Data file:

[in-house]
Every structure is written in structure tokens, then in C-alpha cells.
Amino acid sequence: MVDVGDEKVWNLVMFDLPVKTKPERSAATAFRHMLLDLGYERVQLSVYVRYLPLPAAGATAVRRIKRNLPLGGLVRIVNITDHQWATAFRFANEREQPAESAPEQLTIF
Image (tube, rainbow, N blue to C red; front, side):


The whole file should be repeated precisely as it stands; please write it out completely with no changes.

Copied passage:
[in-house]
Every structure is written in structure tokens, then in C-alpha cells.
Amino acid sequence: MVDVGDEKVWNLVMFDLPVKTKPERSAATAFRHMLLDLGYERVQLSVYVRYLPLPAAGATAVRRIKRNLPLGGLVRIVNITDHQWATAFRFANEREQPAESAPEQLTIF
Image (tube, rainbow, N blue to C red; front, side):